Edgartown School student John Chandler sat at a desk in his seventh-grade science class last week, hunched over a laptop, his eyes fixated on its screen. It displayed a slightly-blurry photo of the Old Westside Cemetery, the view half-obstructed by a fuzzy, cream-colored tail and two slender hind legs. “It’s definitely a dog’s tail,” said John, pointing to the image and tracing the animal’s shape.

John is one of dozens of students on the Island who participated in Snapshot USA, a nationwide survey of mammals using camera trap photos and artificial intelligence (AI).

Working with wildlife biologists at BiodiversityWorks, seventh and eighth graders in Edgartown, Oak Bluffs and West Tisbury spent this month reviewing images of mammals — both wild and domestic — from camouflage cameras placed around the Vineyard. With the help of an AI software called Wildlife Insights, the students identified the species in each photo and submitted them to a public U.S. database to be used for research.

“We have tens of thousands of photos,” said Liz Olson, BiodiversityWorks assistant director. “So it’s tedious. But the really cool thing is that [Wildlife Insights] can mostly categorize everything to help us sort through it all... and then scientists and researchers across the country have access to all of this information.”

Liz Olson, assistant director of BioDiversityWorks, speaks to the students. — Jonathan Fleischmann

Accompanied by Ms. Olson and BiodiversityWorks wildlife technician Silas Beers, students ventured out in September to green spaces around their schools to install the cameras, careful to place them in inconspicuous locations just a few feet above the ground. Over the following two months, the cameras, triggered by motion, collectively snapped more than 60,000 photos of the Island’s mammalian residents, including white-tailed deer, eastern cottontail rabbits, striped skunks, eastern gray squirrels and even humans and their canine companions.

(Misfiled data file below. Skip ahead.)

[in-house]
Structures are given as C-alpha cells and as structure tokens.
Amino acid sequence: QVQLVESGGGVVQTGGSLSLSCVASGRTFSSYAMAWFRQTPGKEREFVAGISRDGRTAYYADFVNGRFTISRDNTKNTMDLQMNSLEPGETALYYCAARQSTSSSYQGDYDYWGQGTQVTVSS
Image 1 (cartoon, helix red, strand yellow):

Human faces captured in photos are automatically blurred when uploaded to Wildlife Insights, said Ms. Olson.

“But we still document that we see people,” she said. “We’re mammals, too.”

BiodiversityWorks first enrolled in Snapshot USA and began working with Island schools in 2021. At the time, the AI software was brand new and often labeled species inaccurately. Students spent hours sifting through the photos, correcting the mammals’ names and training the program to recognize the Island’s wildlife better.

“One of the funny ones was this huge fat skunk, and the AI called it a wild boar,” said Ms. Olson. “We obviously don’t have those. So it would give an identification but then we would have to go back and really check it.”

Justen Foster, Edgartown School seventh grade science teacher. — Jonathan Fleischmann

Now, after three years of fine tuning, AI is a bit more reliable. Still, it is important not to rely too heavily on the technology, said Justen Foster, a seventh-grade science teacher at the Edgartown School. The detailed process helps her students get to know the various species they share their home with.

“Getting to help install the cameras is a great way for us to start our overall ecology unit in class,” said Ms. Foster. “We get outside and they get to see the science in action and not just have to memorize stuff. This is really the way that scientists collect data and they get to be a part of that process.”

Finding the animals in each photo can be a tricky game, too, she added. In pictures of dense forest or thick grasslands, a critter can be camouflaged and easily missed by impatient eyes. For photos taken at night, students have to look carefully for flash reflected in animals’ eyes.

“Sometimes the kids will find photos of their friends, and that gets them really excited,” said Mr. Beers.

Ms. Olson and Mr. Beers recently completed this round of visits to the Island schools for the year, but will return next fall to introduce a brand new cohort of students to their fellow Island mammals.

“Other than us and the kids, nobody’s really studying the mammal population on the Vineyard,” said Ms. Olson. “So with this project, over the years we can start to see how our populations are shifting and how the environment may be changing. It’s all so we can get to know our Island and its creatures a little bit better.”